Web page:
As the seas rise, a slow-motion disaster gnaws at America’s shores

A Reuters analysis finds that flooding is increasing along much of the nation’s coastline, forcing many communities into costly, controversial struggles with a relentless foe.

WALLOPS ISLAND, Virginia – Missions flown from the NASA base here have documented some of the most dramatic evidence of a warming planet over the past 20 years: the melting of polar ice, a force contributing to a global rise in ocean levels.

The Wallops Flight Facility’s relationship with rising seas doesn’t end there. Its billion-dollar space launch complex occupies a barrier island that’s drowning under the impact of worsening storms and flooding.

NASA’s response? Rather than move out of harm’s way, officials have added more than $100 million in new structures over the past five years and spent $43 million more to fortify the shoreline with sand. Nearly a third of that new sand has since been washed away.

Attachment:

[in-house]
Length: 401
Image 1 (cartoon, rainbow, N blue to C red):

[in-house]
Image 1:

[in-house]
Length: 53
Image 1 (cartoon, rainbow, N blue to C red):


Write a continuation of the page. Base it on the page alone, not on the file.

Across a narrow inlet to the north sits the island town of Chincoteague, gateway to a national wildlife refuge blessed with a stunning mile-long recreational beach – a major tourist draw and source of big business for the community. But the sea is robbing the townspeople of their main asset.

The beach has been disappearing at an average rate of 10 to 22 feet (3 to 7 meters) a year. The access road and a 1,000-car parking lot have been rebuilt five times in the past decade because of coastal flooding, at a total cost of $3 million.

We are in a major coastal real estate bubble. How big is the bubble, and who will pay when it bursts?

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